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Black on Both Sides: A Racial History of Trans Identity (Paperback)
Winner of the John Boswell Prize from the American Historical Association 2018
Winner of the William Sanders Scarborough Prize from the Modern Language Association 2018
Winner of an American Library Association Stonewall Honor 2018
Winner of Lambda Literary Award for Transgender Nonfiction 2018
Winner of the Sylvia Rivera Award in Transgender Studies from the Center for Lesbian and Gay Studies
The story of Christine Jorgensen, America’s first prominent transsexual, famously narrated trans embodiment in the postwar era. Her celebrity, however, has obscured other mid-century trans narratives—ones lived by African Americans such as Lucy Hicks Anderson and James McHarris. Their erasure from trans history masks the profound ways race has figured prominently in the construction and representation of transgender subjects. In Black on Both Sides, C. Riley Snorton identifies multiple intersections between blackness and transness from the mid-nineteenth century to present-day anti-black and anti-trans legislation and violence.
Drawing on a deep and varied archive of materials—early sexological texts, fugitive slave narratives, Afro-modernist literature, sensationalist journalism, Hollywood films—Snorton attends to how slavery and the production of racialized gender provided the foundations for an understanding of gender as mutable. In tracing the twinned genealogies of blackness and transness, Snorton follows multiple trajectories, from the medical experiments conducted on enslaved black women by J. Marion Sims, the “father of American gynecology,” to the negation of blackness that makes transnormativity possible.
Revealing instances of personal sovereignty among blacks living in the antebellum North that were mapped in terms of “cross dressing” and canonical black literary works that express black men’s access to the “female within,” Black on Both Sides concludes with a reading of the fate of Phillip DeVine, who was murdered alongside Brandon Teena in 1993, a fact omitted from the film Boys Don’t Cry out of narrative convenience. Reconstructing these theoretical and historical trajectories furthers our imaginative capacities to conceive more livable black and trans worlds.
About the Author
C. Riley Snorton is associate professor of Africana studies and feminist, gender, and sexuality studies at Cornell University and visiting associate professor of American studies and ethnicity at the University of Southern California. He is author of Nobody Is Supposed to Know: Black Sexuality on the Down Low (Minnesota, 2014).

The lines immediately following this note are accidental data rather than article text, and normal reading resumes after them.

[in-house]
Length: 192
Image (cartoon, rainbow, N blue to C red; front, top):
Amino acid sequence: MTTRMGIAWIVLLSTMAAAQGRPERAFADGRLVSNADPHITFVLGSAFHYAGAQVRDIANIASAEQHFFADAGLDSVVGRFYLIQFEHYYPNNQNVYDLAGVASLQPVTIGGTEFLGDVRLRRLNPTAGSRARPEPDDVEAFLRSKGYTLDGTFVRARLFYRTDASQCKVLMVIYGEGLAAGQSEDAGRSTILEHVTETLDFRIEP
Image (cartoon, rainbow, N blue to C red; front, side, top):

"Black on Both Sides challenges the historical account of trans studies invention by excavating a black trans presence and persona long before modern articulations of such. C. Riley Snorton offers us a way to read the historical record in a fashion that requires the unthought to be the basis of the foundation for our claims of newness, demonstrating that there is no revision of what it means to be human without coming through blackness, past and present."—Rinaldo Walcott, author of Queer Returns: Essays on Multiculturalism, Diaspora, and Black Studies
"C. Riley Snorton's Black on Both Sides is a welcome contribution to black studies with the potential to influence future directions in the burgeoning field of transgender studies. It is rigorous scholarship that manages to be imaginative and timely."—Kara Keeling, author of The Witch’s Flight: The Cinematic, the Black Femme, and the Image of Common Sense
"In a beautifully written and brilliant intervention and extension—the first full length book ‘to examine the historical and contemporary importance of race to the constitution of “trans gender”’—C. Riley Snorton identifies and performs a black trans reading practice, from Anarcha to Transgender Days of Remembrance."—Christina Sharpe, author of In the Wake: On Blackness and Being
"The research done here is stellar."—Washington Blade
"This book is an outstanding contribution to conversations about black and trans studies; it will transform scholarly understandings of both fields and the intersections between them."—CHOICE
"Black on Both Sides reminds us that when we are careful about how we tell stories, we get new, nuanced stories that expose systems for what they are and that honor historically ignored populations."—Autostraddle
"Black on Both Sides offers a new imagining of both black and trans history beginning in the early 19th century through the present."—Into News